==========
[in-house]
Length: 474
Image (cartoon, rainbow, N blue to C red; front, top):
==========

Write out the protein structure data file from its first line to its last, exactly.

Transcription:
[in-house]
Length: 474
Image (cartoon, rainbow, N blue to C red; front, top):